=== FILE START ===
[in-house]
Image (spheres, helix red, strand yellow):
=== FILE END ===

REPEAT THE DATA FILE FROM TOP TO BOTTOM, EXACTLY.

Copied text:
[in-house]
Image (spheres, helix red, strand yellow):